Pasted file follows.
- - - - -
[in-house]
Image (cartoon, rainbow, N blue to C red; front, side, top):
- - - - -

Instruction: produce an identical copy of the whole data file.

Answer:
[in-house]
Image (cartoon, rainbow, N blue to C red; front, side, top):